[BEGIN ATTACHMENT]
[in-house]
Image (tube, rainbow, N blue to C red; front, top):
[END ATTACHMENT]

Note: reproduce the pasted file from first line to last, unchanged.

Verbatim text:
[in-house]
Image (tube, rainbow, N blue to C red; front, top):